I forgot to mention something. The same day it was announced that drilling off the coast of Newfoundland was approved without a federal environmental impact assessment and in a significant biodiversity area, the government committed $55 million for biodiversity at the One Planet Summit. That is how diametrically opposed concepts are made to go hand in hand.

Quebeckers and Canadians should not be shackled to projects that will lead them straight to an environmental or climate disaster or an economic disaster. Since the economic argument comes up so often, let us talk about it.

The organizations that have divested from fossil fuels have been listed many times in the House, but I will list them again: Sweden's central bank, the European Investment Bank, Norway's sovereign wealth fund, BlackRock, the influential British Medical Association, and more than 40 faith groups from 14 countries. We cannot forget the New York State Pension Fund and its $500 billion U.S., whose managers have committed to a net-zero investment strategy within four years. Let us also not forget the largest insurer in the world, Lloyd's, which will stop insuring coal operations and fossil fuel exploration projects.

In 2019, over 1,100 institutions with more than $11 trillion U.S. in assets under management committed to divesting from fossil fuels, a 22,000% increase from the $52 billion originally committed in 2014. These pledges come from 48 countries and major cities with stock exchanges such as Paris and New York City, and 70% come from outside the United States.

The Conservatives can continue to kick up a fuss about the regulation of this industry, as they did when they proposed a bill like Bill C-229. However, the drop in the price per barrel of Alberta oil, which only generates a profit at $45 or more, one of the highest prices in the world, combined with the realities that I just talked about, means that meaningful measures must be taken to immediately expedite the transition to renewable energy.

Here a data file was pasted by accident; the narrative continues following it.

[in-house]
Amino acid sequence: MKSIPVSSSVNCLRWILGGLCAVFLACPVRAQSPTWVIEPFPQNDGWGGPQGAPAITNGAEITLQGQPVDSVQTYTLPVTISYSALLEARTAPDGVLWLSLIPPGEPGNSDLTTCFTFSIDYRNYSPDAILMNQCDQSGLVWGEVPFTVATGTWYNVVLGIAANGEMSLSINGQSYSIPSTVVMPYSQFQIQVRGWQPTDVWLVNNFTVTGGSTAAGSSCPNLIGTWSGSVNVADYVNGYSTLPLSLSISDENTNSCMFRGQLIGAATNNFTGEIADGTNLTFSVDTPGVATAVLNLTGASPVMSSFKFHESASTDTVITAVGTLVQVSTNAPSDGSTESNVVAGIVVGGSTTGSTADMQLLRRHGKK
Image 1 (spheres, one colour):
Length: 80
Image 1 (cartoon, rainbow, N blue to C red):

The existing regulations have nothing to do with the slump this resource is experiencing. The global economy is changing in response to growing environmental awareness. We should be happy about that.

Canada must be part of this essential collective effort. For example, Alberta's geothermal potential is a golden opportunity to join the energy transition. This fledgling industry, which has great potential on Canadian soil, could give workers who already have drilling experience a chance to participate in the development of this sector and thus help diversify Canada's energy mix. What is more, government organizations already have the geological data on areas in western Canada with geothermal energy potential. Workers deserve to see their elected officials working to improve their future and their children's future, do they not?

We have repeatedly heard the argument of economic reconciliation with indigenous peoples used in support of the oil and gas sector. The Bloc Québécois proposes that we start instead by ensuring that indigenous communities have clean drinking water and health care, and then focus on clean resources that are adapted to their geographic regions.

Have we forgotten the demands of the Wet'suwet'en already? Have we forgotten that cancer rates in the communities downstream along the Athabasca River are 30% higher than the provincial rate? Have we forgotten their fight to protect their ancestral lands and traditional resources?

When the energy transition is no longer just an environmental imperative, but also an economic imperative, then why get left behind when we could be leading the charge to a carbon-neutral economy? Every member of Parliament who cares about the well-being of future generations and the sustainability of the environment will refuse to support this bill and instead devote their efforts to meeting the same objective set by other countries around the world, namely to fix the damage to the environment and the climate.